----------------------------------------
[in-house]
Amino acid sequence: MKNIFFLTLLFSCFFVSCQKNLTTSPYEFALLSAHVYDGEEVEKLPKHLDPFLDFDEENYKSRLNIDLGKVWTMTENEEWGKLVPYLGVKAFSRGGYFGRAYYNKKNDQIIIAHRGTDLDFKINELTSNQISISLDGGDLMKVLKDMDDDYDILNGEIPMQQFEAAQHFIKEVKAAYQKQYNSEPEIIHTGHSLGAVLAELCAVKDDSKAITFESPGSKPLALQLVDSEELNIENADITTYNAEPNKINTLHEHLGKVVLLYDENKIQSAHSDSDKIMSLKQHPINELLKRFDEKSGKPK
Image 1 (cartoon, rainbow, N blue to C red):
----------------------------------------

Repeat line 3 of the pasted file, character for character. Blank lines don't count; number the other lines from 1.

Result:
Image 1 (cartoon, rainbow, N blue to C red):